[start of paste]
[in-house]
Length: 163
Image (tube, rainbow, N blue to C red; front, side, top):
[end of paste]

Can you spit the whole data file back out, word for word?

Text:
[in-house]
Length: 163
Image (tube, rainbow, N blue to C red; front, side, top):